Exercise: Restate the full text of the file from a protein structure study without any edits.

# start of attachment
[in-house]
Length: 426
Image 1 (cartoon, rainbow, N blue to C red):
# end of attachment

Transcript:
[in-house]
Length: 426
Image 1 (cartoon, rainbow, N blue to C red):